Around the globe, the international online gambling industry is waiting with bated breath as the US, by far the biggest potential market, openly flirts with legalized igaming. Indeed, many of the biggest players in the industry, mainly European, have already pre-empted the potential windfall by partnering up with casinos and other gambling enterprises in America. Legalized sports betting is a huge industry globally and we have witnessed a stampede of UK betting operators trying to establish a name for themselves on this side of the pond.
A quick look at the UK betting scene, in which nine of the 20 English Premier League clubs and 17 of 24 Championship clubs, have a betting partner, shows that media networks earned over $3bn in betting ad revenues. Keep in mind that Britain is roughly 1/6th the size of the US with a much smaller population and thus a much smaller domestic market. Note too that Premier League Football and other European soccer leagues are more popular worldwide than American sports. Still, the point remains valid. US media companies could make 10 to 20 times what Britain earns in a legalized betting environment. UK bank Barclays estimates that gambling profits here could exceed $10bn, while a separate report by Ibis World suggested a figure closer to an annual $55bn.
UK betting firm William Hill stole a march on its rivals by setting up a presence for themselves in Las Vegas as far back as 2012 and now owns 108 of the 190 betting shops in Sin City. They have also partnered with New Jersey’s Monmouth Park Racetrack, again ahead of the fold, where they plan to build a sports bar with a legal sportsbook, while the same firm also partnered with International Game Technology in order to create a sports betting solution for American lottery operators. Then there is Paddy Power Betfair who have since acquired daily fantasy sports site Fanduel and are now board-level members of the American Gambling Association, plus GVC Holdings, owners of Ladbrokes Coral as well as Bwin and the Party brands, who last summer announced a $200 million joint venture deal with Las Vegas-based casino operator MGM Resorts International. This British invasion highlights the money to be made here in the US.
The Professional and Amateur Sports Protection Act (PASPA) had been in play since 1992, and effectively outlawed betting across the country, save for Nevada, Delaware, Oregon and Montana. With its repeal, each state was able to choose whether or not to permit sports betting, despite there being no official change in national law. Full sports betting continues in Nevada but, immediately after the ruling, more than 10 states announced plans to allow online betting which by September had seen five of these, Delaware, New Jersey, Mississippi and West Virginia plus Nevada, clear legislation to allow it. Three other states, Pennsylvania, Rhode Island and New York plan to have cleared the way by the end of this year, while a further 22 states, including California, have bills under discussion. The final 23 states, which include Florida, Washington and significantly Texas, have no plans to legalize sports betting.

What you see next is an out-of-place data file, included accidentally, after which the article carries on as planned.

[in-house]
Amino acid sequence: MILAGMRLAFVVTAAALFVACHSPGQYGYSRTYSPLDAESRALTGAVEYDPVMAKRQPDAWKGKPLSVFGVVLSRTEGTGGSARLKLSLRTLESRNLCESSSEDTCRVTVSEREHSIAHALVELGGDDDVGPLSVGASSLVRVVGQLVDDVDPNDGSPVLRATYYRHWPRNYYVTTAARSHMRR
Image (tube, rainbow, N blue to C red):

Unfortunately, since taking office, Trump’s administration has attacked all forms of gambling. The former Atlantic City casino owner originally tasked Jeffrey B. Wall to block the federal abolition of the prohibition of sports betting in New Jersey, a mission that ultimately proved unsuccessful. The ill-fated attempt to interfere with sports betting controls hasn’t dented the administration’s ambitions however and they have now set their sights on all online gambling activity, which includes daily fantasy sports, lotteries and poker, itself still to recover from 2011’s Black Friday.
As Trump’s America back peddles on gambling laws, a move much applauded by GOP mega-donor Sheldon Adelson, who controls one of the world’s largest casino empires and is keen to stagnate the progress of their online equivalent. In fact, according to former Congressman Ron Paul in the New York Daily News, it is Adelson, owner of the Las Vegas Sands, for whom the government is doing a favor. You do not need a degree from the defunct Trump University to join the dots between Adelson’s $100 million donation to the Republicans’ midterm election war chest and POTUS’ attitude towards online gambling. This, of course, might be untrue but the damage is done either way with plenty of states likely to be hit by a significant loss of revenue all because a former casino owner has taken a seemingly personal dislike to online gambling.
The news comes as Wynn Resorts announced a tie-in with Scientific Games to launch online sports betting and iGaming in New Jersey. Wynn Resorts, especially under the leadership of Steve Wynn, were another land based casino operator opposed to online gambling despite acquiring a Jersey internet license in 2014. But now that Mr Wynn, who occupies a similar political position as Adelson and has close ties with Trump, has departed under a cloud of allegations, the company appears to have changed course, although it might be too late.
The US sports industry will benefit, as will the potential tax windfalls likely to befall states, while such a move would devastate the country’s illegal gambling market valued at $150bn. But, alas, perhaps not. As a former casino magnate who cosies up to and accepts donations from other casino magnates seems determined to clip the wings of this fledgling industry that otherwise looked set to soar. The question now is how long online gambling can hold on before the next general election, one that could well be retained by Donald yet. Trump has flip flopped on this issue, at one point, admittedly before the last election, hinting that he would look into overturning the regulations. Now, though, with a sizeable donation in his back pocket, this looks like his position has shifted again. Time will tell as the next election looms but personally I wouldn’t want to place a bet on it.